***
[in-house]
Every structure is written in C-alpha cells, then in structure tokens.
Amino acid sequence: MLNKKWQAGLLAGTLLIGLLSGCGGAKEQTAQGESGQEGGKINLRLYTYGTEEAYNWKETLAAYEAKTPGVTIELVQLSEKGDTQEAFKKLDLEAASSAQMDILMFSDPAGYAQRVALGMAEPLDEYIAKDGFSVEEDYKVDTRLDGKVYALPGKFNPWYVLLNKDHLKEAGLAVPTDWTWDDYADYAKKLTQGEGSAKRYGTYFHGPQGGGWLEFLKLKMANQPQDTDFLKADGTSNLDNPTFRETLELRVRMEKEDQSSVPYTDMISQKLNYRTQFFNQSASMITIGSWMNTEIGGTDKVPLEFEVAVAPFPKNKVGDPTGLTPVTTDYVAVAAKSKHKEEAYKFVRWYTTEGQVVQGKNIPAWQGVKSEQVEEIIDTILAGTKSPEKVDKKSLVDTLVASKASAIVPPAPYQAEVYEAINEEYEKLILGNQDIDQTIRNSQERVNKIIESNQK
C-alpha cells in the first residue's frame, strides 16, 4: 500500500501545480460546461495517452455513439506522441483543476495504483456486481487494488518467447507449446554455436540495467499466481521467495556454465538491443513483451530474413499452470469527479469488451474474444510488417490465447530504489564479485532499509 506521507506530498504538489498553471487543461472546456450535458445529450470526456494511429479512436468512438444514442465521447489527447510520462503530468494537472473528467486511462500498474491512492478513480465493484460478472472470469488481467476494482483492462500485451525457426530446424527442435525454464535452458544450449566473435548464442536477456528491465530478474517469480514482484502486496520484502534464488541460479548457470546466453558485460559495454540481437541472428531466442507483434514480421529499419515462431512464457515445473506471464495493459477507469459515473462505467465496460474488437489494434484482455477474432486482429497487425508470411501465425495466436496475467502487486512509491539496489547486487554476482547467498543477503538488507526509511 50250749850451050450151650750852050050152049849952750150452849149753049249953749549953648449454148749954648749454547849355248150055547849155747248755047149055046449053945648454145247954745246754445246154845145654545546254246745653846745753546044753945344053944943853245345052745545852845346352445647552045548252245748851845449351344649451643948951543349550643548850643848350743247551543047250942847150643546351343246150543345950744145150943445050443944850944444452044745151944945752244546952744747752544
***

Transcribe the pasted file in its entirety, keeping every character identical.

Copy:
[in-house]
Every structure is written in C-alpha cells, then in structure tokens.
Amino acid sequence: MLNKKWQAGLLAGTLLIGLLSGCGGAKEQTAQGESGQEGGKINLRLYTYGTEEAYNWKETLAAYEAKTPGVTIELVQLSEKGDTQEAFKKLDLEAASSAQMDILMFSDPAGYAQRVALGMAEPLDEYIAKDGFSVEEDYKVDTRLDGKVYALPGKFNPWYVLLNKDHLKEAGLAVPTDWTWDDYADYAKKLTQGEGSAKRYGTYFHGPQGGGWLEFLKLKMANQPQDTDFLKADGTSNLDNPTFRETLELRVRMEKEDQSSVPYTDMISQKLNYRTQFFNQSASMITIGSWMNTEIGGTDKVPLEFEVAVAPFPKNKVGDPTGLTPVTTDYVAVAAKSKHKEEAYKFVRWYTTEGQVVQGKNIPAWQGVKSEQVEEIIDTILAGTKSPEKVDKKSLVDTLVASKASAIVPPAPYQAEVYEAINEEYEKLILGNQDIDQTIRNSQERVNKIIESNQK
C-alpha cells in the first residue's frame, strides 16, 4: 500500500501545480460546461495517452455513439506522441483543476495504483456486481487494488518467447507449446554455436540495467499466481521467495556454465538491443513483451530474413499452470469527479469488451474474444510488417490465447530504489564479485532499509 506521507506530498504538489498553471487543461472546456450535458445529450470526456494511429479512436468512438444514442465521447489527447510520462503530468494537472473528467486511462500498474491512492478513480465493484460478472472470469488481467476494482483492462500485451525457426530446424527442435525454464535452458544450449566473435548464442536477456528491465530478474517469480514482484502486496520484502534464488541460479548457470546466453558485460559495454540481437541472428531466442507483434514480421529499419515462431512464457515445473506471464495493459477507469459515473462505467465496460474488437489494434484482455477474432486482429497487425508470411501465425495466436496475467502487486512509491539496489547486487554476482547467498543477503538488507526509511 50250749850451050450151650750852050050152049849952750150452849149753049249953749549953648449454148749954648749454547849355248150055547849155747248755047149055046449053945648454145247954745246754445246154845145654545546254246745653846745753546044753945344053944943853245345052745545852845346352445647552045548252245748851845449351344649451643948951543349550643548850643848350743247551543047250942847150643546351343246150543345950744145150943445050443944850944444452044745151944945752244546952744747752544